A: My number one piece of advice for all educators (whether you’re just starting out or are a veteran teacher) is to make self-care a top priority. We cannot pour from an empty cup so the more we do for ourselves, the more we actually have to offer our students and co-workers. For me, self-care is a spectrum. Sometimes my self-care includes curling up on the couch with my puppy to watch netflix, sometimes it’s meditation and yoga, sometimes it’s a hike, and sometimes it’s just a nap. I try to ask myself “what would make me feel better? How can I relax? What do I need right now?” I try to do what I actually want to do rather than what I think I should do. Self-care definitely looks different for everyone, but it’s essential for all educators.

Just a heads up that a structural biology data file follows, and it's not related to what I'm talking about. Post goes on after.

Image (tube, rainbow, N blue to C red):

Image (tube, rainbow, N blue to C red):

Q: How do you find balance between your personal life and teaching?

A: I have to plan efficiently. I make sure to schedule self-care (including appointments, yoga classes, meal-prep, etc.) I’ve noticed that when I actually write it in my planner I’m more likely to follow through. Sticking to a schedule and routine has really helped me balance school and home. I choose one day per week to stay late and work on my plans and prep for the following week so that I can keep weekends to myself.

Q: What advice do you have for teachers who want to take great care of themselves but feel overwhelmed or too busy?